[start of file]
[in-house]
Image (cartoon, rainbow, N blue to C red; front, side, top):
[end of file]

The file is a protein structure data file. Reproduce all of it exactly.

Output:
[in-house]
Image (cartoon, rainbow, N blue to C red; front, side, top):